Send To Printer Email to Friend

Calif. Requires Voting-Machine Receipts
Fri Nov 21, 8:47 PM ET
By RACHEL KONRAD, Associated Press Writer
SAN JOSE, Calif. - In a major victory for voting rights advocates, California's secretary of state announced Friday that all electronic voting machines in California must provide paper receipts by 2006.

Kevin Shelley also introduced stricter requirements for testing and auditing of the software used to record and tabulate votes in the nation's most-populous state.

And because California commands a sizable share of the market for voting machines, the move may prompt changes in equipment being adopted nationwide as local governments rush to modernize voting systems.

"I think this is going to be a tidal wave from California eastward - it's going to get a lot of attention and may change a lot of minds," said Stanford University computer science professor David Dill.

Shelley wrote in his nine-page document that he is requiring the receipts not because "voting systems are inherently insecure, they are not, but rather because people understandably feel more confident when they can verify that their votes are being recorded as intended."

Computer scientists and voting-rights advocates have been warning that at least 50,000 paperless terminals nationwide expose the vote to hackers, software bugs and mechanical breakdowns.

Major manufacturers of voting machines deny that the lack of paper receipts will jeopardize vote counts, and have been fighting just such a requirement for months. Still, Diebold Election Systems and Sequoia Voting Systems, two of the nation's largest companies involved, said it will comply.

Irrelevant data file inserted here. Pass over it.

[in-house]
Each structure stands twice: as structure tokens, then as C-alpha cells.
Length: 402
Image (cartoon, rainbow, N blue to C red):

The announcement comes less than three weeks after a state task force on voting began an investigation into allegations that uncertified software was used in California's Oct. 7 gubernatorial recall election.

According to Shelley's list of requirements for voting equipment companies, all counties that purchase new touch-screen terminals must provide a "voter verified paper audit trail," starting in July 2005.

In addition, voting-equipment companies must retrofit the touch-screen systems already being used in at least four California counties to include printers and paper receipts by July 2006.

This requirement makes California the first state to force equipment vendors to retrofit machines already purchased or installed.

Congress has set aside $3.9 billion for states to overhaul their voting systems, and hundreds of counties have opted for or are considering paperless touch-screen terminals. Elections experts say as many as 75 percent of voters nationwide will cast ballots electronically by 2010, up from about 10 percent in the 2000 presidential election, when problems over the vote count in Florida threw the race into turmoil.

"This is historic - a huge development and big step toward reliable and transparent voting systems," said Kim Alexander, president of the Davis-based California Voter Foundation, which has been urging regulators to toughen software requirements and require a paper trail.

The requirements will increase cost to California's cash-strapped counties, said Alfie Charles of Oakland-based Sequoia Voting Systems. One popular Sequoia model costs about $3,200, and the company estimates that printer-related hardware, software, paper and ink could add nearly $500 to the price of each terminal. Riverside and Alameda counties - two of the nation's largest counties that use touch-screens - each have more than 4,000 terminals.

"It's definitely something that's going to be a factor for counties that are short on funds," Charles said.